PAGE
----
New York

Tom Waldron

Linda Durham Contemporary Art

For all their monumentality, Tom Waldron's welded-steel sculptures are oddly understated, perhaps because they are more broad than tall or because they feel scripted rather than spontaneous. The title of his recent exhibition, “The Character of the Equation,” suggests the mathematical basis of the work, the redetermination that contributes to its sedateness. Yet if Pounce doesn't pounce, Skid doesn't skid, and Dart doesn't dart, the five sculptures on view here (all 2001) do seem to be on the move, their curves and angles signaling some kind of upheaval. The massive Flood, with its pitching wavelike form, gives the game away: Waldron's sculptures are amorphous moments that have jelled into spaces; that is, they are fluxes that have become crystallized and becalmed.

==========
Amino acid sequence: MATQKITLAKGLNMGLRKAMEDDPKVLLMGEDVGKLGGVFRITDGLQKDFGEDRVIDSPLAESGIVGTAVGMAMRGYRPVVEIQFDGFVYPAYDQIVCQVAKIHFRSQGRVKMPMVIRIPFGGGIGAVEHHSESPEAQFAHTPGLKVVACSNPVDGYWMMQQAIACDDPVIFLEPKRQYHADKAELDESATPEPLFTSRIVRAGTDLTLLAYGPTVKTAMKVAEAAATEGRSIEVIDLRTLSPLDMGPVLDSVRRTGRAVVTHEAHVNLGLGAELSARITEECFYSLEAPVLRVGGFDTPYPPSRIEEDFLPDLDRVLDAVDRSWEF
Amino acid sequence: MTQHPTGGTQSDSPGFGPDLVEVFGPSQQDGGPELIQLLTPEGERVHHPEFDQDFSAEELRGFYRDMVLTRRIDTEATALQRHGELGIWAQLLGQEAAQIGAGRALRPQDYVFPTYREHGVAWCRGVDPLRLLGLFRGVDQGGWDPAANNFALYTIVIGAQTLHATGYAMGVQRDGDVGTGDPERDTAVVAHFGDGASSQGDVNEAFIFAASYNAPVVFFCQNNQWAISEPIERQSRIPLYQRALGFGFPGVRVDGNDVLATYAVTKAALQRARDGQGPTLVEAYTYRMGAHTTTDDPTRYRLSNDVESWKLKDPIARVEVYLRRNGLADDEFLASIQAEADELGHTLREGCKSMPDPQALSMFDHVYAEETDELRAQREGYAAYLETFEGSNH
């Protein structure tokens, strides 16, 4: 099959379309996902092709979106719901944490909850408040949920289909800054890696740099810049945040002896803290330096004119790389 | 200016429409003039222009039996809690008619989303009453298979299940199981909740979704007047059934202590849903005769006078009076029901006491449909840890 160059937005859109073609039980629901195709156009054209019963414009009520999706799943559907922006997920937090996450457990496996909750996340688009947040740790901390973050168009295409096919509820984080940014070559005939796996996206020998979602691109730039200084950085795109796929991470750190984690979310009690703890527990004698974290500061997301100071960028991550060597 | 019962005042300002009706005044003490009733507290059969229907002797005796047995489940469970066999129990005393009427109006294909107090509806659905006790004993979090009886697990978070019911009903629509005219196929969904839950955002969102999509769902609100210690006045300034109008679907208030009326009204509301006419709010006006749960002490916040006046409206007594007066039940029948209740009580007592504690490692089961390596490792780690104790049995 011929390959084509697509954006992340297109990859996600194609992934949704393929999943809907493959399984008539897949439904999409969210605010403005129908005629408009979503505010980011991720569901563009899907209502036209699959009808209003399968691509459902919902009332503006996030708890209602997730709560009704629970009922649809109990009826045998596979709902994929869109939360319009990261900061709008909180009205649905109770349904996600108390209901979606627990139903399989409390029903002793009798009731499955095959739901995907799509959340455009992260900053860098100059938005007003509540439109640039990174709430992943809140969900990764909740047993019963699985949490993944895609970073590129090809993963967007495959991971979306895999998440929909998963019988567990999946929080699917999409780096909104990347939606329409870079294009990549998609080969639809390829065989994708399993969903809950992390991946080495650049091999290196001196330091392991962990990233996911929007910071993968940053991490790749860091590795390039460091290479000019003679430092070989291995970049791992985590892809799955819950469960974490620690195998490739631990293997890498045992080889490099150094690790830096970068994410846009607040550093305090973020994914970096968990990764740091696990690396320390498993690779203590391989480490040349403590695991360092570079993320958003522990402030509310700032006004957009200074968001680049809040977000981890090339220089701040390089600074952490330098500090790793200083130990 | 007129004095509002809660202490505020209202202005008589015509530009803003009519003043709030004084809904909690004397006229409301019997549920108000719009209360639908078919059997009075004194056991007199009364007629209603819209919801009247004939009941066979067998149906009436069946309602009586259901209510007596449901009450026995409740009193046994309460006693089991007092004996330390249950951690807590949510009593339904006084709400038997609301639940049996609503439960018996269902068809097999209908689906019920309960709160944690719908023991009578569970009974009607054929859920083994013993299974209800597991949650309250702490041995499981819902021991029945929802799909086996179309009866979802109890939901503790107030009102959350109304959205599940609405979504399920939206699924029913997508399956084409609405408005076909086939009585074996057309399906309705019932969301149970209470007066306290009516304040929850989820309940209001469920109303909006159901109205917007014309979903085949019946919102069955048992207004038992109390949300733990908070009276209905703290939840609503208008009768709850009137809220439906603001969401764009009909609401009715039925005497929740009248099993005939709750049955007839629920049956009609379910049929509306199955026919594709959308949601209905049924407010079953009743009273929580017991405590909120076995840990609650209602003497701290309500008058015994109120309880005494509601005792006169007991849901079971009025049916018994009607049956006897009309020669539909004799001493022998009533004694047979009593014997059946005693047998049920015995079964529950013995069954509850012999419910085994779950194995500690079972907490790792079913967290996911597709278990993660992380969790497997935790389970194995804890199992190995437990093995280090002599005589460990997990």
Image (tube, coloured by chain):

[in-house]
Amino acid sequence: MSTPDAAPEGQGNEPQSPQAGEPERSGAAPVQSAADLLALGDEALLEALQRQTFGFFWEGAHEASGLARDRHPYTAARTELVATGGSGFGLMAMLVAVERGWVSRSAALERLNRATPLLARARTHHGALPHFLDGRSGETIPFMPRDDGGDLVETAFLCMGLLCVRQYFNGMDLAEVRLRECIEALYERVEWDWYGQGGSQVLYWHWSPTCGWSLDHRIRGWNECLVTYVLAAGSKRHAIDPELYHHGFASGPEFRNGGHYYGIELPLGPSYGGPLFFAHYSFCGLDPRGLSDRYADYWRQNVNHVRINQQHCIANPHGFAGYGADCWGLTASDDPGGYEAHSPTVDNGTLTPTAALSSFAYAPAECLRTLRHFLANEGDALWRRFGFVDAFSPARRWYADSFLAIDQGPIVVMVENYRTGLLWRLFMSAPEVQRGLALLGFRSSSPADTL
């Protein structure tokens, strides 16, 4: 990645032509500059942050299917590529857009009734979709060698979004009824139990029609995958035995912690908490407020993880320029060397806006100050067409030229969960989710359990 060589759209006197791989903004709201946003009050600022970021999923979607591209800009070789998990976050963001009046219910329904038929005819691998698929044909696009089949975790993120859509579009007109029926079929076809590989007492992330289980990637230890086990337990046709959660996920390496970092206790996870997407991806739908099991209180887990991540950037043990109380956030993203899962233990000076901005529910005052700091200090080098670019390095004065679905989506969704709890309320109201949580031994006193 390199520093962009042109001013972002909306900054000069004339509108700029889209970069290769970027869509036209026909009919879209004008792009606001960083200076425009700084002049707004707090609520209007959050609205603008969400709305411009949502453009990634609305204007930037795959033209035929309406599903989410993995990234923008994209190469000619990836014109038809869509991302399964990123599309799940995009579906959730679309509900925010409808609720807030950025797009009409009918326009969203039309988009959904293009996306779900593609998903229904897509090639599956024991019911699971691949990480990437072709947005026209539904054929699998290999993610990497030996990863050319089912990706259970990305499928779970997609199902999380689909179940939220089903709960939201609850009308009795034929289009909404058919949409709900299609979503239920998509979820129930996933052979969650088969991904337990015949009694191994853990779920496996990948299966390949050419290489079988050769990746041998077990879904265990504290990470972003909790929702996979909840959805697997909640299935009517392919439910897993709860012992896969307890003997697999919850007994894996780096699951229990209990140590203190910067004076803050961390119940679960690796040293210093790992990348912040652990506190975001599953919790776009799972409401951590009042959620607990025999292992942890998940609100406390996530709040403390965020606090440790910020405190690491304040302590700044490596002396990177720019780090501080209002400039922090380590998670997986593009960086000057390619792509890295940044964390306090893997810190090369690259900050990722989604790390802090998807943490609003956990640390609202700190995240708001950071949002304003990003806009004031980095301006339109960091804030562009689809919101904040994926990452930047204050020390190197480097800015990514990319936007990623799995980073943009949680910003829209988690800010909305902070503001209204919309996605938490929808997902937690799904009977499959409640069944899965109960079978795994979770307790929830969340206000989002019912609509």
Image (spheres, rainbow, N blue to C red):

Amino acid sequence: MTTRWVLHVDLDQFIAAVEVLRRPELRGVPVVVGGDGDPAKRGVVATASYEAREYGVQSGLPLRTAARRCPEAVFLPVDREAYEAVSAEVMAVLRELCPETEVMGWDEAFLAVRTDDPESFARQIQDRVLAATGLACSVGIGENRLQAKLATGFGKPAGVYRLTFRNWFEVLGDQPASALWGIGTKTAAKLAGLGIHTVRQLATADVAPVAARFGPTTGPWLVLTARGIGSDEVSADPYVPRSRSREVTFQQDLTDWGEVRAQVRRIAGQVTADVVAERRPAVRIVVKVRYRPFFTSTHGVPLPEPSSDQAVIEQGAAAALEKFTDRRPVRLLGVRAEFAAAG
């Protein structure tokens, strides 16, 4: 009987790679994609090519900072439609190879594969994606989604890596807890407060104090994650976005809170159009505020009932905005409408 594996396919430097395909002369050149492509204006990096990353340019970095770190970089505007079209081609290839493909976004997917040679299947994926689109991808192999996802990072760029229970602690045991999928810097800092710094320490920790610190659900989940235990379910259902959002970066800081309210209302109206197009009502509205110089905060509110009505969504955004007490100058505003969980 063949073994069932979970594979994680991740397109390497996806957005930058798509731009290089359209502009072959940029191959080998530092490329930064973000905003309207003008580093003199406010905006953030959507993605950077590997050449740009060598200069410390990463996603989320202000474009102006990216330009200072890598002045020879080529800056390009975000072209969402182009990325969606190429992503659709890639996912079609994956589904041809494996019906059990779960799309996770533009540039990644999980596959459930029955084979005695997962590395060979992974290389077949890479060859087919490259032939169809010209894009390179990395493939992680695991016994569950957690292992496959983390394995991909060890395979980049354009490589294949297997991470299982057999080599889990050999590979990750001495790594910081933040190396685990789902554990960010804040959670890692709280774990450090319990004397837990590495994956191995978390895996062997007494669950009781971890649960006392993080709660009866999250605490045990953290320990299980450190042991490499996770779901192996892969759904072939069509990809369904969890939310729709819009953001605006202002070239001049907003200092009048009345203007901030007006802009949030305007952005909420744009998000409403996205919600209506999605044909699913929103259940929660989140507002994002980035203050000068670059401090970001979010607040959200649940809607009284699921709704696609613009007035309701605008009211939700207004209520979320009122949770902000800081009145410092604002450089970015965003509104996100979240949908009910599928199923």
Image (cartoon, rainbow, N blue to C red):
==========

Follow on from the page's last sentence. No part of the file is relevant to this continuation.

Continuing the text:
Waldron's pieces have a certain luxurious look. Their shiny surface is as much a part of their story as their volume; in fact

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